SS2800 Ch 6 Lecture Summary.pdf - SS2800 Lecture Summary...

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Unformatted text preview: SS2800 Lecture Summary Chapter 6: Social Interac9on in Everyday Life Slide 1 Hello, and welcome to chapter six on social interac4on. In this chapter, we will focus on how we can make sense of the social world through social structure; statuses, roles and social organiza4on; and the social construc4on of reality. Slide 2 According to Macionis, social interac4on is the process by which people act and react in rela4on to oth-­‐ ers. We make sense of everyday situa4ons by following the social structure that we are socialized in. Part of this structure includes status, which is a “social posi4on that an individual occupies” and may be ascribed, achieved, or master. An ascribed status is one that others confer onto us, or we are born with. An achieved status is one that we earn through work (some4mes the lack thereof) or merit. A master status has special importance because it may shape a person’s en4re life in a number of ways. OKen, race and/or ethnicity, sex, gender, sexuality (or sexual orienta4on), gender iden4ty, ability, and socioeco-­‐ nomic class are considered master statuses. Slide 3 A role is a behavior expected of someone who holds a par4cular status and the roles linked to each sta-­‐ tus define what we do. Some4mes, our roles are in conflict because of another status we hold. We might also experience role strain when roles linked to a single status conflict. Role exit is the “process by which people disengage from important social roles.” Slide 4 Let’s move on to the social construc4on of reality. According to Macionis, this is the “process by which individuals crea4vely shape reality through social interac4on.” So, what does that mean? Basically, it means that we ac4vely create our social world through par4cipa4on in it. When we talk about “common sense,” that is an example of construc4ng reality since common sense is culture bound. There is no uni-­‐ versal common sense—it is con4ngent upon culture and how one is socialized within that culture and the subcultures within it. In short, common sense is not common at all. As we explore social construc-­‐ 4on of reality, we also need to know the Thomas Theorem, which states that “situa4ons that are defined as real become real in their consequences.” So, whether or not something is real, if people act as if it is, there will be real consequences that stem from that. We know all of this through ethnomethodology, or the “study of the way people make sense of their everyday surroundings.” Keep in mind, the reality that we experience, and thus how we act, is shaped by our culture and our interests. Culture is not only the demographic categories we fit into, but our na4onality, the country we live in, the region of the country we live in, our food, arts, music, technology, language, etc. Slide 5 Let’s move on to Goffman’s work. Goffman studied social interac4on by applying a theater analogy, ar-­‐ guing that we present ourselves in a way that is intended to create specific impressions in the minds of those we interact with. Performance of a par4cular role includes a stage se[ng (so physical and social loca4on—meaning not only the actual place but the surrounding circumstances and influencing demo-­‐ graphic characteris4cs that are part of the interac4on), “props” (or the way we dress, speak, use non-­‐ verbal behaviors, etc.), and front and backstage behavior. As an example, a teenager who goes out par-­‐ tying on a Friday night might tell the real story to his or her friends, while sharing a less detailed version with his or her parents. In the role of friend, they present themselves one way, and in the role of son or daughter, they may present themselves in another way. Slide 6 Nonverbal communica4on is important and some4mes overlooked in interac4on and includes every-­‐ thing other than our actual use of language, either through speech, sign, or wri^en language. This may include the actual words used, our tone/pitch/volume of voice, body language, facial expressions, de-­‐ meanor, and use of personal space. Depending on the culture and subcultural groups we are a part of, norms for nonverbal communica4on may vary greatly. Even within the same geographic area, subcultur-­‐ al groups and iden44es may lead to diverse socializa4on when it comes to nonverbal communica4on. That may be one of the reasons that nonverbal communica4on is oKen analyzed in instances of alleged decep4on. While there are no hard and fast rules to determine if someone is lying, nonverbal communi-­‐ ca4on that doesn’t match verbal communica4on or involuntary nonverbal cues (lack of eye contact, etc.) may alert us to decep4on. Slide 7 While we are socialized to perform some nonverbal behaviors and refrain from others according to our gender iden4ty, gender is also central to our role performance in other ways. Keep in mind that gender is about masculine and feminine behavior—it is the social expression of sex (which is typically male or female). Addi4onally, idealiza4on of our roles or selves may influence our role performance, as might embarrassment and tact following a role performance failure. Slide 8 Let’s move on to emo4ons or feelings, some of which are innate, or feelings that are universal that we are born with, these include: happiness, sadness, anger, fear, disgust, and surprise. Culture determines what may trigger emo4on. Slide 9 Another way in which social construc4on influences our everyday lives is through the gendered use of language, which is used to communicate power, value, and a^en4on through language in differen4al ways for men and women. Slide 10 Finally, we can learn a lot about the social construc4on of reality through the study of humor. Humor tends to arise from viola4ons of cultural norms and is created when people create and construct differ-­‐ ent reali4es. Humor is oKen very culturally bound and what goes over well in one culture may not be considered humorous in another. Overall, humor helps us reduces stress, serving as a safety valve for expression of opinions. However, humor can foster conflict and it is important to consider cultural com-­‐ petencies and the se[ng when a^emp4ng humor. This concludes our study of chapter six. ...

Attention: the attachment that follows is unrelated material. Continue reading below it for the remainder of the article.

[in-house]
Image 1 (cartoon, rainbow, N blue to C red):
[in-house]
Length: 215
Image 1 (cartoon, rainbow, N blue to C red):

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  • Summer '16